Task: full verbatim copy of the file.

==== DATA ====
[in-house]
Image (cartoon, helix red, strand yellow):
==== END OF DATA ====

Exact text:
[in-house]
Image (cartoon, helix red, strand yellow):